France Télévisions chief highlights Netflix rival SVOD project’s progress

Delphine Ernotte Cunci

Delphine Ernotte Cunci

France Télévisions’ plans for a new SVOD service are progressing well, with agreements in principle signed with five production groups, according to director-general Delphine Ernotte-Cunci.

In an interview with French financial daily Les Echos, Ernotte-Cunci said that the planned revamp of the broadcaster’s existing catch-up and video-on-demand service was on track for May, with the launch of the SVOD service scheduled for September.

She said that France Télévisions had agreements in principle with five out of a total of 10 production outfits approached, and added that deals would be based on a revenue-share arrangement, giving producers the ability to make additional money as well as exposing their content to a wider audience.

France Télévisions would retain editorial control, distributing older seasons of current shows to new audiences, organising themed content on the basis of data from recommendation engines and offering premieres, she said.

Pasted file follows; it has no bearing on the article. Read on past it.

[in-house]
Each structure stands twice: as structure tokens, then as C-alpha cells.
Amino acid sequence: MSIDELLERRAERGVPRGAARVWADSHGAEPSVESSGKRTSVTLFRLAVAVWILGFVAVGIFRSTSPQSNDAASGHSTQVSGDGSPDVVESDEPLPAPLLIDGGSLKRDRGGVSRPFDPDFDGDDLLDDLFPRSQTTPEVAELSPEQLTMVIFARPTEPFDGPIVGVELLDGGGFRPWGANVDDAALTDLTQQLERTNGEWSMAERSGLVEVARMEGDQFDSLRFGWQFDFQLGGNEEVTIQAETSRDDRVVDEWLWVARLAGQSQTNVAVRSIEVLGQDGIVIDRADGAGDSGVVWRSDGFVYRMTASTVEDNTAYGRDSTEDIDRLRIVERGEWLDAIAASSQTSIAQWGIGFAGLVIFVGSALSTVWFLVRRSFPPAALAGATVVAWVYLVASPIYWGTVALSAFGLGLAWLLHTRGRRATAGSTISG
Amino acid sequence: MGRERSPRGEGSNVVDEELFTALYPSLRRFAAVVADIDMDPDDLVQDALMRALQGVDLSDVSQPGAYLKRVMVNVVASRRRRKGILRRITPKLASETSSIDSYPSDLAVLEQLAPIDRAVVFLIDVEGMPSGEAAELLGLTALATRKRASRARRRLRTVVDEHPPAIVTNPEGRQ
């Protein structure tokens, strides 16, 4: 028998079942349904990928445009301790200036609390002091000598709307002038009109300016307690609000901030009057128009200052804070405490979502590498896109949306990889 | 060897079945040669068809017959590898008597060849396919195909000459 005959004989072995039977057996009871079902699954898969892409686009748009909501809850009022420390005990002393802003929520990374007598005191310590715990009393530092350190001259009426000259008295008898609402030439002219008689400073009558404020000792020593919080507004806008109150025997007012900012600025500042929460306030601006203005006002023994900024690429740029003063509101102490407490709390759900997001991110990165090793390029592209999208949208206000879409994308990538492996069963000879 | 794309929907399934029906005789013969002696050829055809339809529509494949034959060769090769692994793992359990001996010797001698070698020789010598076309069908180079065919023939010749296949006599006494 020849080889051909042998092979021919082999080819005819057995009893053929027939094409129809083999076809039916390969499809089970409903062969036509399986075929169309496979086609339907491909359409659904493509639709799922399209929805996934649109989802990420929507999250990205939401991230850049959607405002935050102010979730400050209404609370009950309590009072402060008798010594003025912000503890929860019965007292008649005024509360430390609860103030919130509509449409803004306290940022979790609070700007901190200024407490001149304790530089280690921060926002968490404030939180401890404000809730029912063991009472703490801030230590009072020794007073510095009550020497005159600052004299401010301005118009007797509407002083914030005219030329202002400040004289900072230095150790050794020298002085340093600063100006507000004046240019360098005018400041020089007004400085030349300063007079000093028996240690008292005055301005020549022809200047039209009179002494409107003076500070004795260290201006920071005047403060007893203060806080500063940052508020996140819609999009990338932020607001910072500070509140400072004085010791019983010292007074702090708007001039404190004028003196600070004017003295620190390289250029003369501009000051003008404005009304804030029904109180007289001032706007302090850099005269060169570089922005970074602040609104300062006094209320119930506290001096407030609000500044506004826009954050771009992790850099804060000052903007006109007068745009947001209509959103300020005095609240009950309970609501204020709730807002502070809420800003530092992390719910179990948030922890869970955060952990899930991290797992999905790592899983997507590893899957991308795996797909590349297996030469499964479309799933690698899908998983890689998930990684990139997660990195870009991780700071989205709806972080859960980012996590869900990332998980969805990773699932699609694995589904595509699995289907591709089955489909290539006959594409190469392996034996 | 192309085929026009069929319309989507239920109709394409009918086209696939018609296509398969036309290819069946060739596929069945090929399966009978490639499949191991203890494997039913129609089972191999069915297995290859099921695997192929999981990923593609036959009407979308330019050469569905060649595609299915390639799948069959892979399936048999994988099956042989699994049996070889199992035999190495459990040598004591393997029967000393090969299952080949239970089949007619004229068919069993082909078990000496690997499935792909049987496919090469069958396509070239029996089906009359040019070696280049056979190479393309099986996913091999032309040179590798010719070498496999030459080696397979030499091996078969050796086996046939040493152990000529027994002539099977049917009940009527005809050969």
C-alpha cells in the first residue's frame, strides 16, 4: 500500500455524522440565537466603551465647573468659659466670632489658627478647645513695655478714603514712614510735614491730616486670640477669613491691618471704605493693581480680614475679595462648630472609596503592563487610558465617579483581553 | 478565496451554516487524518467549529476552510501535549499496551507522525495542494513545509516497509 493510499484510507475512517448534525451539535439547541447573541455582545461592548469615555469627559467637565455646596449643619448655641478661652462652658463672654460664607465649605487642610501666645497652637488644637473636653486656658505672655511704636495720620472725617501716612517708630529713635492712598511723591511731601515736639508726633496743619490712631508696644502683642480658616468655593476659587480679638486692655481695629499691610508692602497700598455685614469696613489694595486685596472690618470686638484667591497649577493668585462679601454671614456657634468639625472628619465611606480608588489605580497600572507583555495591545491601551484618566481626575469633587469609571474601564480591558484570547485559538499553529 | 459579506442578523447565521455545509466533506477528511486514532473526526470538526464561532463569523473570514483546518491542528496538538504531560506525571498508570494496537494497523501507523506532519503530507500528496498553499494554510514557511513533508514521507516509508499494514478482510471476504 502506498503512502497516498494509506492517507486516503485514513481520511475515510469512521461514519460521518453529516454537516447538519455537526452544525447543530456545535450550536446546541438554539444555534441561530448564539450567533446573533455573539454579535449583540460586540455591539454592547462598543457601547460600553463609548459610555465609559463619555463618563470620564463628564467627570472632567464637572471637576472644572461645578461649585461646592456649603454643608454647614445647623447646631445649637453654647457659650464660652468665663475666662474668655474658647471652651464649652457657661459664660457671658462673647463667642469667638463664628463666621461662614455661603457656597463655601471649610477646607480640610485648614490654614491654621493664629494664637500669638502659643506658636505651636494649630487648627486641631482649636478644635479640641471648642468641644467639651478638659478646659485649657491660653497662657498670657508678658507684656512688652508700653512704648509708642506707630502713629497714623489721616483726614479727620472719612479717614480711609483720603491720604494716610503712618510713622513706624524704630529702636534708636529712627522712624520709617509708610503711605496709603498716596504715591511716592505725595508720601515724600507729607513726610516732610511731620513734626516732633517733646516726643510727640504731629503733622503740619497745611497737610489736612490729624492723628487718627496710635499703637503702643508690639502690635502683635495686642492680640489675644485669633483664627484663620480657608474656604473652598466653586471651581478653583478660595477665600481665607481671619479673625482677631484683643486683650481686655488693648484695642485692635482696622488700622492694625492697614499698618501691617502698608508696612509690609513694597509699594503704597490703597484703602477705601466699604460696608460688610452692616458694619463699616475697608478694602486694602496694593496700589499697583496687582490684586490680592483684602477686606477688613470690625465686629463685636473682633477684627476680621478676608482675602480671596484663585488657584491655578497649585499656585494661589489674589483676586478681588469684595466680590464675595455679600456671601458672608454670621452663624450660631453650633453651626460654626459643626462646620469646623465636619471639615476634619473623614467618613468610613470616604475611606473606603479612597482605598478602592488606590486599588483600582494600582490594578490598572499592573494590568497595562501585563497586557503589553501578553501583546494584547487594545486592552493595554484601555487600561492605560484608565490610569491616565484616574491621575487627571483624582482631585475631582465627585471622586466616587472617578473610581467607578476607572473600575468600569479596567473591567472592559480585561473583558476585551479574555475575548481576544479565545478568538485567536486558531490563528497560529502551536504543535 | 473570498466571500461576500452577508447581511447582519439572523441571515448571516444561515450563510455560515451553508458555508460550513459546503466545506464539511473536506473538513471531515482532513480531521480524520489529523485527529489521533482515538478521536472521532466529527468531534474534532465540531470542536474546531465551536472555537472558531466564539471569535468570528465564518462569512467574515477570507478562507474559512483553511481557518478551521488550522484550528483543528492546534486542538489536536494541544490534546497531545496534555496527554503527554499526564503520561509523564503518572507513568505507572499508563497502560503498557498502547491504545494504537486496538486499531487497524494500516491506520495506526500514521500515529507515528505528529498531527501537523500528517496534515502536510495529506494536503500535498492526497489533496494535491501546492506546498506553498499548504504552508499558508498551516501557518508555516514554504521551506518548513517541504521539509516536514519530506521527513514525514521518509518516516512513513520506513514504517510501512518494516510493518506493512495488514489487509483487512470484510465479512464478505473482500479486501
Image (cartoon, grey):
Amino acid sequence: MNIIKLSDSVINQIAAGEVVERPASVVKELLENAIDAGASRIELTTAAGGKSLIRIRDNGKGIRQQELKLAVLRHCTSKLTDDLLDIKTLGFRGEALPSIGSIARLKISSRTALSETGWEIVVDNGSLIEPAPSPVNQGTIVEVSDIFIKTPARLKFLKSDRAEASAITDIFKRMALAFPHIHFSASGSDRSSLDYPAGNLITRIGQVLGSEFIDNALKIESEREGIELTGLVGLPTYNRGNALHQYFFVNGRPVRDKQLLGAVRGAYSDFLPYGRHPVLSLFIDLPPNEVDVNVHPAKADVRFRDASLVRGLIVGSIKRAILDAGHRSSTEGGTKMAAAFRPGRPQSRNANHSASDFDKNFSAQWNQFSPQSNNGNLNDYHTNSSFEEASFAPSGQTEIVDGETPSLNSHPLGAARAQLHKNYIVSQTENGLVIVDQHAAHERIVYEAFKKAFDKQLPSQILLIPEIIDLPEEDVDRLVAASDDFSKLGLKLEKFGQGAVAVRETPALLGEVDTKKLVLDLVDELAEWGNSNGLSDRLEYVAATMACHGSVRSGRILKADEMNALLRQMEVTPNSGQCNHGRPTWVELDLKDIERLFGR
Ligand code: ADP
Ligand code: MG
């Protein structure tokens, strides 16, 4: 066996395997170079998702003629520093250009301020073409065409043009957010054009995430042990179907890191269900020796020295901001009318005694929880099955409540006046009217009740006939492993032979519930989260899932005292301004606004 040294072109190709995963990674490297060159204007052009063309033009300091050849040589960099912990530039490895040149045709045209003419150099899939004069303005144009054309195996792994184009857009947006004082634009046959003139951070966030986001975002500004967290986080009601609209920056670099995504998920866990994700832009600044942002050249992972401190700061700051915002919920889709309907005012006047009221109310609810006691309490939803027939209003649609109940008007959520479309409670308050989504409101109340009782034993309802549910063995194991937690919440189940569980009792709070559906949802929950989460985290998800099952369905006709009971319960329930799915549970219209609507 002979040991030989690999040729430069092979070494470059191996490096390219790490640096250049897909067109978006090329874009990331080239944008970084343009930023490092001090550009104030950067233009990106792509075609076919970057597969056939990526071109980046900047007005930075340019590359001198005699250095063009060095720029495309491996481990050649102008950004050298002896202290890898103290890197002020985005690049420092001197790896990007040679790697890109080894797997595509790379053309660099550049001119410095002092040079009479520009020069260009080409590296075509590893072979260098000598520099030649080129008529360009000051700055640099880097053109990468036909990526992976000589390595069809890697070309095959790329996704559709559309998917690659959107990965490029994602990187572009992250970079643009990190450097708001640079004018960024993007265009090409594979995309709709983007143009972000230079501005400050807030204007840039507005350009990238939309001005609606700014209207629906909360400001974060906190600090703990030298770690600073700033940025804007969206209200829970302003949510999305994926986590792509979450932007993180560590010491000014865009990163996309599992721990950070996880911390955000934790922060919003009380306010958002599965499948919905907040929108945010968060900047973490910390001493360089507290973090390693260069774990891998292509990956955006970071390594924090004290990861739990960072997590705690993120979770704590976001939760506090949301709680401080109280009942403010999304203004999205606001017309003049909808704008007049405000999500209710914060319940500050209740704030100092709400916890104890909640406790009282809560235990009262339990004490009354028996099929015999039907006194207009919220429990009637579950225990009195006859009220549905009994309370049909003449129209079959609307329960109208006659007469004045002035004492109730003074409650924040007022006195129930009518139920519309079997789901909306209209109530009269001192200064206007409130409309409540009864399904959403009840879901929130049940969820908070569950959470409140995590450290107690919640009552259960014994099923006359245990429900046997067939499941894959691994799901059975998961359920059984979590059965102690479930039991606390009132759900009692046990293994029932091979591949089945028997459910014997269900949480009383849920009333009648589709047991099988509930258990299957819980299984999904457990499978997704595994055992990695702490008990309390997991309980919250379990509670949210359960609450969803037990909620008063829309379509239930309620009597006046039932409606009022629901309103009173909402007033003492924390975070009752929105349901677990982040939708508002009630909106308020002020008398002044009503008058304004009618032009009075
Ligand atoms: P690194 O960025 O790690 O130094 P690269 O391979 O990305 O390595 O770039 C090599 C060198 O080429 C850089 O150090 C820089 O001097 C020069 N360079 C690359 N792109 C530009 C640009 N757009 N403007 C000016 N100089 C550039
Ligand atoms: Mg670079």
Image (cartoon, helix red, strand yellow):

Ernotte-Cunci said that discussions were ongoing for the participation of the pubcaster’s Belgian, Swiss and Canadian equivalents, but that this was likely to be complicated by the need to clear rights for international distribution of content. She said that France Télévisions did not have a strong portfolio of rights for international distribution.

Ernotte-Cunci said that she expected France Télévisions to generate €15 million in additional revenues outside advertising by 2020.

Ernotte-Cunci revealed in January that France Télévisions was approaching producers direct to strike deals for the SVOD service.

She had previously unveiled detailed plans for the service at a parliamentary hearing in December.

More broadly, Ernotte-Cunci reiterated to Les Echos that France Télévisions would focus on upping its original production, with a plan to spend €60 million over three years, partially reversing €90 million in cuts over the past five years. She said the broadcaster would make economies elsewhere, notably by not replacing one in two employees who leave, leading to an expected reduction in headcount of 500 between now and 2020.

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